Okay…so before you ditch out on me because I mentioned “inverted U-curve” in my title – hang on just a quick second! This is going to be much more straight forward than what you may be expecting. You see, I picked up a haul of books from the library this fine fall evening (seriously, I scored on some great reads) and happened to get my hands on a copy of David & Goliath by Malcolm Gladwell. Now, I know inverted U-curves did not just stem from Gladwell’s book – but his chapter depicting the inverted U-curve (to classroom size & family wealth) got me thinking…what is the optimal point for thinking about personal finance on the inverted U-curve?

For those of you who may not have read David & Goliath, or cannot even remember the last time you discussed an inverted U-curve (possibly even Kuznets Curve) – no worries! Here’s a short breakdown:

An inverted U-curve can depict any concept – where on the left hand, vertical axis are benefits ranging from none to most. On the right hand, horizontal axis is a theme/concept/idea ranging from none, to some, to too much.

After looking & following along the graph, this is what you will discover: too little of something can be considered a bad thing. Too much of something can be considered a bad thing. But when you discover that middle ground, or the right balance – you’ve found your optimal point.

The inverted U-curve can be used for a wide variety of things in life. For example: too little of exercise can be detrimental to your health – too much exercise can actually lead you to injuries – but discovering the right amount of exercise and fitness for you leads to the most optimal health for your body.

Alright, so let’s actually talk about the inverted U-curve & what this means in terms of personal finance….

You know, what this post is actually supposed to be about?


I digressed a bit, but thanks for sticking out with me in that quick intro/lesson. Check this out…

You see, the inverted U-curve of time spent thinking about personal finance is something that each one of us can relate to at one time, or another.

With the horizontal axis relating to the amount of time we think about personal finance (on the spectrum of none, to some and ultimately too much), we experience the benefits of little – to some – to the most.


When the amount of time we think about personal finance is NONE:

  • We don’t track what we make & spend
  • We have no clear depiction or plan of what our money goals are
  • We do not have  any ambitions to even save money
  • We cannot provide encouragement to others for their financial goals
  • We potentially believe the falsehood that money grows on trees
  • Etc.

When the amount of time we think about personal finance is TOO MUCH:

  • We obsess on whether we are keeping up with all of our financial goals
  • We do not feel the amount we are saving and our plans are “enough”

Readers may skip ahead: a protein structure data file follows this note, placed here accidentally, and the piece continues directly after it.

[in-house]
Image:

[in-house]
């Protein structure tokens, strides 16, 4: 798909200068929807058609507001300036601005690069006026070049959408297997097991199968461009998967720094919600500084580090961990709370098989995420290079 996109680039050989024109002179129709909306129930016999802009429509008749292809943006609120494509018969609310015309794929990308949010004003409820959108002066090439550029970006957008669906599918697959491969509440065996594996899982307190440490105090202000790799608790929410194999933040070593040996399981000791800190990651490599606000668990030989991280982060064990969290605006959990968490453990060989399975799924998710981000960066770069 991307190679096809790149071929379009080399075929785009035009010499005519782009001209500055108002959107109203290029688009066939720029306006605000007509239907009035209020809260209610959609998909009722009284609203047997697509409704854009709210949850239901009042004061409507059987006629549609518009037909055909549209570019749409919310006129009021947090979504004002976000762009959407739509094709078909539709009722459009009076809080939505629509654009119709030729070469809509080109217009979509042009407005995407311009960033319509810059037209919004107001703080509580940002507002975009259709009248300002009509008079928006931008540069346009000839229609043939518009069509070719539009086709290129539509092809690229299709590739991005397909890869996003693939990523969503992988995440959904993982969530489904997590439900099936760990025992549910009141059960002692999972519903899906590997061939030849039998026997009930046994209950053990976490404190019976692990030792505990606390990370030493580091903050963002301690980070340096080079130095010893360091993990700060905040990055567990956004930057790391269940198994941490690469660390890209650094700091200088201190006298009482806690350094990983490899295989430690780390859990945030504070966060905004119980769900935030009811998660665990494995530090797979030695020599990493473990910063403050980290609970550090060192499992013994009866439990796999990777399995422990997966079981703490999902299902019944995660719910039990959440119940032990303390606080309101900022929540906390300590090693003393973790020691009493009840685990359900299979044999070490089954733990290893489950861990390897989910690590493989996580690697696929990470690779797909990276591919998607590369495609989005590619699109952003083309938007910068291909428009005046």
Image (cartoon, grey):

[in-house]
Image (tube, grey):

• We consistently question any and every purchasing decision
  • When practicing money extremes (from frugality to hyper-consumerism) we lose sight of what we value
  • We forgo opportunities to invest in ourselves because we are afraid there will be no pay off in the future
  • Etc. 

When the amount of time we think about money matters is SOME and at its OPTIMAL POINT:

  • We free up time to spend on things we value with the people we love
  • We have an ease of mind because we know we have an emergency fund in place & the right amount of insurance coverage
  • We are confident in all of our purchasing & saving habits
  • We smile & share encouraging words with others that reached a financial milestone
  • We have more headspace to strengthen any and all areas of life other than just our personal finances
  • Etc.

I cannot say that I am always perfect and consistently spend the optimal level of time in regards to personal finance. I am far from that. What’s important to me is the recognition of this inverted U-curve. If I am thinking too little to none, my goals & finances definitely derail. If I tip over to the too much thinking on personal finance, I fall to the insecurities and scrutiny of my own goals (not even ones that someone made up for me)! C’mon..what’s up with that?

Determining when the scales are tipped allows me to get right back to that balance of the ‘perfect’ amount of time to think about my finances. I recognize, that sometimes my optimal point can also be in flux. It takes time to recognize what is too scarce, and what is too extreme. Yet when I discover which trend makes me feel most comfortable and on track to spend in save in accordance with my values – I know I’ve hit my optimal point.

So whether your optimal point of personal finance thoughts means having a consistent “money-minute” check-up every day, only a monthly budget overview, sharing an in-depth conversation with a partner for a few hours on financial goals, chatting with friends in passing about a 401(k), or even doing the “20 minute end of the year money tune up” – so be it! Each and every one of us will have a different optimal point of time spent on personal finance in terms of the inverted U-curve. The question is: what is your optimal time spent thinking about your personal finances that works best for you?

What is your optimal amount of time spent thinking about personal finance? How can we discover we are thinking too little, or too much in terms of personal finance? Let me know in the comments below!